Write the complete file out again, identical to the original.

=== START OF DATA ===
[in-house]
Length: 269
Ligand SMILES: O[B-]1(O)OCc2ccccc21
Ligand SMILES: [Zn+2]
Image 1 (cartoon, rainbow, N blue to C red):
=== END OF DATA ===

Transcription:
[in-house]
Length: 269
Ligand SMILES: O[B-]1(O)OCc2ccccc21
Ligand SMILES: [Zn+2]
Image 1 (cartoon, rainbow, N blue to C red):